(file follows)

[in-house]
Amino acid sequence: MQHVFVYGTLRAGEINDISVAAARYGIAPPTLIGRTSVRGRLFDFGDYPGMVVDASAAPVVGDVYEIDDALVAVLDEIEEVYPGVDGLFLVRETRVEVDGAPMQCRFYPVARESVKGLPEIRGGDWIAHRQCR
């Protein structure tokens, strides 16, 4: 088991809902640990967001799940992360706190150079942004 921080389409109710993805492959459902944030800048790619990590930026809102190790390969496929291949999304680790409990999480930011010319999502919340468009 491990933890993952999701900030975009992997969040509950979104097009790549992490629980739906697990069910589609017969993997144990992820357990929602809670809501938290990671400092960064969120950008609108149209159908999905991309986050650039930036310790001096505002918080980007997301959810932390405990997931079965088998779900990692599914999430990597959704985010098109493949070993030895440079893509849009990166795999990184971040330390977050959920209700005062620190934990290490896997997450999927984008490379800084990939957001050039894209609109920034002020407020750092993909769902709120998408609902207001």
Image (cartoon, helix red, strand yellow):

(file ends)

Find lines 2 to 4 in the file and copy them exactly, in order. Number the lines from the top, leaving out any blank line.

Amino acid sequence: MQHVFVYGTLRAGEINDISVAAARYGIAPPTLIGRTSVRGRLFDFGDYPGMVVDASAAPVVGDVYEIDDALVAVLDEIEEVYPGVDGLFLVRETRVEVDGAPMQCRFYPVARESVKGLPEIRGGDWIAHRQCR
């Protein structure tokens, strides 16, 4: 088991809902640990967001799940992360706190150079942004 921080389409109710993805492959459902944030800048790619990590930026809102190790390969496929291949999304680790409990999480930011010319999502919340468009 491990933890993952999701900030975009992997969040509950979104097009790549992490629980739906697990069910589609017969993997144990992820357990929602809670809501938290990671400092960064969120950008609108149209159908999905991309986050650039930036310790001096505002918080980007997301959810932390405990997931079965088998779900990692599914999430990597959704985010098109493949070993030895440079893509849009990166795999990184971040330390977050959920209700005062620190934990290490896997997450999927984008490379800084990939957001050039894209609109920034002020407020750092993909769902709120998408609902207001």
Image (cartoon, helix red, strand yellow):